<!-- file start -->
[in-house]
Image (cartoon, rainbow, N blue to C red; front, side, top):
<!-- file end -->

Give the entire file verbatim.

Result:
[in-house]
Image (cartoon, rainbow, N blue to C red; front, side, top):